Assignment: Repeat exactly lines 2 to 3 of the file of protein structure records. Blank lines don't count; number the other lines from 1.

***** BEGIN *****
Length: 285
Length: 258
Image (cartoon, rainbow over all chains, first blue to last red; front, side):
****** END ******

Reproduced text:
Length: 258
Image (cartoon, rainbow over all chains, first blue to last red; front, side):